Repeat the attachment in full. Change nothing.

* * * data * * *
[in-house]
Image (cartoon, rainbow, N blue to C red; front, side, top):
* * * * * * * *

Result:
[in-house]
Image (cartoon, rainbow, N blue to C red; front, side, top):